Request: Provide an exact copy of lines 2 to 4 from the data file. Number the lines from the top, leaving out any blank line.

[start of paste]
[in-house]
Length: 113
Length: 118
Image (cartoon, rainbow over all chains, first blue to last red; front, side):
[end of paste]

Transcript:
Length: 113
Length: 118
Image (cartoon, rainbow over all chains, first blue to last red; front, side):